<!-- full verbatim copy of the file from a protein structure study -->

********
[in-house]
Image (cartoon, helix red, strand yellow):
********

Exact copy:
[in-house]
Image (cartoon, helix red, strand yellow):